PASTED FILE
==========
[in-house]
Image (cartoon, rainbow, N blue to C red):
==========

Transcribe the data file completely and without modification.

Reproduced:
[in-house]
Image (cartoon, rainbow, N blue to C red):